5. Whiteford HA, Ferrari AJ, Degenhardt L, Feigin V, Vos T. The global burden of mental, neurological and substance use disorders: an analysis from the Global Burden of Disease Study 2010. PloS One (2015) 10(2):e0116820. doi: 10.1371/journal.pone.0116820

PubMed Abstract | CrossRef Full Text | Google Scholar

6. Vakis R, Rigolini J, Lucchetti L. Los Olvidados, Pobreza crónica en América Latina y el Caribe. Washington, DC: Banco Mundial (2015). Licence: Creative Commons de Reconocimiento CC BY 3.0.

Google Scholar

7. World Health Organization (WHO) and the United Nations Children’s Fund (UNICEF). A Vision for Primary Health Care in the 21st Century: towards universal health coverage and the Sustainable Development Goals. Geneva: World Health Organization and the United Nations Children’s Fund (UNICEF); (2018). (WHO/HIS/SDS/2018.X). Licence: CC BY-NC-SA 3.0 IGO.

Google Scholar

8. Organización Panamericana de la Salud. Salud Universal en el Siglo XXI: 40 años de Alma-Ata. Informe de la Comisión de Alto Nivel. Washington, D.C: OPS; (2019).

Google Scholar

9. Pan American Health Organization. Renewing primary health care in the Americas: A position paper of the Pan American Health Organization/World Health Organization (PAHO/WHO). Washington,D.C: World Health Organization (PAHO/WHO); (2007).

Google Scholar

10. Twomey CD, Baldwin DS, Hopfe M, Cieza A. A systematic review of the predictors of health service utilisation by adults with mental disorders in the UK. BMJ Open (2015) 5(7):e007575. doi: 10.1136/bmjopen-2015-007575

PubMed Abstract | CrossRef Full Text | Google Scholar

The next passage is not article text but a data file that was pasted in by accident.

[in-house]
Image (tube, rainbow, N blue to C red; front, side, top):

11. Hohls JK, Konig HH, Raynik YI, Hajek A. A systematic review of the association of anxiety with health care utilization and costs in people aged 65 years and older. J Affect Disord (2018) 232:163–76. doi: 10.1016/j.jad.2018.02.011

PubMed Abstract | CrossRef Full Text | Google Scholar

12. Goldberg D, Lecrubier Y. Form and Frequency of Mental Disorders across Centres. In: Üstün TB, Sartorius N, editors. Mental illness in general health care: an international study. Chichester, New York, Brisbane, Toronto, Singapore: John Wiley & Sons on behalf of WHO; (1995). p. 323–34.

Google Scholar

13. Üstün TB, Sartorius N. Mental illness in general health care: an international study. Chichester, England: Wiley. (1995).

Google Scholar

14. Kroenke K, Spitzer RL, Williams JB, Monahan PO, Lowe B. Anxiety disorders in primary care: prevalence, impairment, comorbidity, and detection. Ann Intern Med (2007) 146(5):317–25. doi: 10.7326/0003-4819-146-5-200703060-00004

PubMed Abstract | CrossRef Full Text | Google Scholar

15. Olfson M, Fireman B, Weissman MM, Leon AC, Sheehan DV, Kathol RG, et al. Mental disorders and disability among patients in a primary care group practice. Am J Psychiatry (1997) 154(12):1734–40. doi: 10.1176/ajp.154.12.1734

PubMed Abstract | CrossRef Full Text | Google Scholar

16. Araya R, Alvarado R, Minoletti A. Chile: an ongoing mental health revolution. Lancet (2009) 374(9690):597–8. doi: 10.1016/S0140-6736(09)61490-2

PubMed Abstract | CrossRef Full Text | Google Scholar

17. Araya R, Alvarado R, Sepulveda R, Rojas G. Lessons from scaling up a depression treatment program in primary care in Chile. Rev Panam Salud Publ (2012) 32(3):234–40. doi: 10.1590/S1020-49892012000900009

CrossRef Full Text | Google Scholar